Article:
Tuesday, June 2, 2009

The hearing is over

Yesterday marked the end of the TPR hearing. Now we are just waiting for the judges decision. I am hopeful he will take some time to make this decision as we still have not decided what we are going to do. we do have an appointment with a social worker for Thursday. We are hoping to get more information about adopting out of foster care and all the ramifications of that considering our age so that we can make an informed decision.

It seems as though every day we feel differently about what we want to do. I ran into a man I work with this past week and he has 2 adopted children. He adopted them after his older kids had left the house and the difference in age between he and his two adopted children is about the same as ours. He doesn't seem to have any regrets at all.

That is really our fear. That we will regret what ever decision it is we make. We don't want to find ourselves with a child we regret having. That would be horrible for all of us. On the other hand, we don't want to let her go and feel like we did the wrong thing that way either. I know I am rambling again, but this is all consuming. It is creating so much additional stress in our life when we least need it. (K)s wedding is in less than three weeks and we still have work to do with that as well. We have family coming from all over the country and that alone creates enough stress. I don't know how people deal with it. I am sure once we make our decision we will be content with it, but boy getting there has been more difficult then trying to explain twitter to my 80 year old parents.

Right now DW and (S) are asleep in each others arms on the recliner while I am watching the game and blogging. These are the moments when the answer is simple...of course we will adopt her. She belongs here...........This sucks


  1. My partner was adopted by her paternal grandparents. They took her in when she was 18 months old in an emergency situation. She's always marveled that they were able to adapt so easily to having a baby, but I'm sure it was very difficult for them. We've talked many times about how differently they parented her than their biological kids. She feels she got the best of both worlds -- parents who were partially retired and thus able to focus on her, but also who'd had enough experience parenting that they were laid-back and relaxed with her rather than strict and overbearing.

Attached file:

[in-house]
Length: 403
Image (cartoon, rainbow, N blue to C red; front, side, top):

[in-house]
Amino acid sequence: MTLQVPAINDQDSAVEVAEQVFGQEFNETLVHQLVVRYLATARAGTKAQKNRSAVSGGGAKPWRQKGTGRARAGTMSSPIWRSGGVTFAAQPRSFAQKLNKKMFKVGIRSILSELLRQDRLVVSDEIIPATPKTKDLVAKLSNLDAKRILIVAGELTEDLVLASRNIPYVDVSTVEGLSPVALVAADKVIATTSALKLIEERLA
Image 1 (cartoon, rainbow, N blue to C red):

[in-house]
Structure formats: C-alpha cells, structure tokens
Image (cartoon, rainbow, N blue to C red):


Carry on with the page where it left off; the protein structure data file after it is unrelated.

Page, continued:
By the same token, though, as we get ready to adopt she feels a real pressure to do it now because she's not sure she'd feel able to do it if she waited until she was older like they were when she came into their lives. I'm not trying to sway you either way, but I know she's said many times that being adopted by her grandparents was the best thing that ever happened to her. I'm glad they were able to make it a good thing for them too.

  2. I haven't said anything for a while, but I read everything. Early on I wrote that S would be okay if you let her go to a different home. I said that I thought you could be the grandparents. I still think this is possible.

    I know sometimes you worry about S being traumatized by having to be moved for an adoption. I think that that can be handled in a way which does not traumatize, though of course it will difficult.

    I can completely understand if you don't want to be full-time parents again. You are one of the few who really did intend to do reunification/temporary care. We need more foster parents who are committed to that. To stay committed to it and be a secure and temporary home for a certain number of children over the next how ever many years, is reasonable and laudible.

    I can envision so many options and think, "Yep, that would work. That would be good."

    But I am sitting here trying to imagine a world in which you say, "Gee, it was a mistake to adopt S" and I gotta tell you, I don't see it. I know there are reasons why you might not think it was a good idea to adopt S, I just don't think that "we will regret it later" is something you need to worry about. Not in a million years.